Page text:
What's in a name? A whole lot across town
How did Bombay's precincts get to have the evocative names they do? A selection from the new book inspired by this column
Agripada the "hamlet (pada) of the Agris", wedged between west Byculla and east Bombay Central, was where a trio of cultivators (Agris) camped: Bhat Agris or rice planters, Mitha Agris or salt manufacturers and Bhaji-pala Agris or vegetable farmers.
Altamont Road it is, not Altamount Road as most misname it. Colonel Altamont served the Nawab of Lucknow before settling on this lush Cumballa Hill slope leading up from Kemp's Corner.
Apollo Bunder is traced partly from "bandar", meaning "port". Palla fish was sold on these shores. Corrupted to the Portuguese "Pollem", the word finally emerged as "Apollo". Another version has it that Apollo is an adaptation of palava, a fishing vessel—"Palava la jaavu ya" meant "Let's go fishing."
Who sailed solo to 19th-century Bombay to pioneer education for girls in the Esplanade area. Pic/Suresh Karkera
Bandra being prime monkey habitat, was called Vandra, or "ape". The general allusion is the Portuguese's, hailing Bandor, from "bandar" or "port". Variations abounded—Bandera, Bandura, Bandore, Bandorah, Bandara—till a railway signboard conclusively printed: Bandra.
Bhendi Bazar isn't only a nod to Indian tulip tree groves (Thespesia populnea), locally dubbed "bhendi". The Brits referred to the area as "behind the bazar", which people colloquially slurred to Bhendi Bazar.
Borivli gets its name from plantations of boras, fruit berries which used to fall in thick carpets on the ground of this northern suburb the English insisted on spelling as "Berewlee".
Breach Candy comes from "breach", a gap in the rocks the land mass formed here, linking its Arabian Sea flank to the Mahalaxmi and Byculla flats beyond. "Candy" could be the Anglicised pronunciation of "khind", meaning "a pass".
Byculla partially alludes to European carriages, called "gharries" (read purring Plymouths and stately Studebakers), rolling past Cassi fistula trees—the Indian laburnum, "bhaya". Suffixed with "khala", which was a threshing floor, the words combined as Byculla.
Carmichael Road, with residences Claude Batley and George Wittet imagined along the eastern edge of Cumballa Hill, acknowledges David Fremantle Carmichael of the Civil Services. It has been renamed ML Dahanukar Road, honouring the first post-Independence Sheriff whose family lived mid-street at Shree Sadan.
Chembur stems from the charming Marathi "chimboree" (big crab), like Kurla from "kurlya" (little crab). At low tide, its sun-hardened soil withstood the tread of bullock carts carrying Pathare Prabhu, Koli, Bhandari and Agri settlers.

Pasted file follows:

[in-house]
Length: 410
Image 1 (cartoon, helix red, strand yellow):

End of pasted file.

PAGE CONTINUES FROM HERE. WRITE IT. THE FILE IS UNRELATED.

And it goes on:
Chowpatty combines "chau" or "four" and "patti", the channels that tides flowed into till the western foreshore was reclaimed. Interestingly, though the word signified four inlets from the sea to Girgaon, today this is an outlet for people to the sea.
Churchgate refers to St Thomas' Church (it became a cathedral in 1837), half a kilometre from the railway station, roughly where the Flora Fountain stands. Till the 19th century, Bombay was fortified with walls, a moat and three gates. The other two were Apollo Gate and Bazar Gate.
Dongri derives from "dongar", or rock, rising on a hill levelled by the City Improvement Trust. Dongri is supposed to have given its name to the dungaree, Indian calico used for workmen and labourers clothes before it became a fashion item.
Forjett Street takes after Charles Forjett, the Anglo-Indian Deputy Commissioner of Police (1856-64), who organised Bombay's first police force. Slipping into clever disguises to bust 19th-century crime rings, he donned the desi dress, spoke local lingo and artfully slunk along dark streets to feel the pulse of the people.
French Bridge is in fact fully English. The 1866-constructed Gamdevi bridge is named for Colonel Patrick T. French, British founder chairman of the BB&CI Railway. Indophile and musicologist, French submitted the Royal Irish Academy essays like "Catalogue of Indian Musical Instruments".
Ghatkopar some say, alludes to the suburban hill range tapering off at Thane, "ghat ke oopar". Others ascribe it to the Marathi word for corner—"khopra"—of the Western Ghats, therefore Ghat-khopra.
Goregaon: Goregaon activist Mrinal Gore, socialists Baburao Samant and George Fernandes at Baburao's daughter's wedding in the 1970s
Goregaon is not a hat tip to activist Mrinal Gore, dubbed "Paniwali Bai" (she campaigned for drinking water, among other crusades). Ghodegaon was the horse trade centre for Maratha warriors. They bought horses from Ghodegaon market, after trial trots 10 kilometres away on the rugged hilltop, which came to be called Ghodeghoom.
Gowalia Tank has a bucolic connotation. "Gow", meaning "cow", Gowalia referred to shepherds bathing their cattle and sheep in the boat-filled tank that once stood adjacent to Nana Chowk. A wilderness, the site was cultivated with rice and pomelo plantations before being built over.
Hughes Road touching Bombay's first flyover at Kemp's Corner, from 1964, salutes Sir Walter Hughes—inaugural chairman of the Improvement Trust, which developed this vicinity of New Gamdevi as a model "suburb" in 1908.